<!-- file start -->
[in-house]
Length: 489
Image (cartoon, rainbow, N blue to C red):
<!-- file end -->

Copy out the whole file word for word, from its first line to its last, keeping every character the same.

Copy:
[in-house]
Length: 489
Image (cartoon, rainbow, N blue to C red):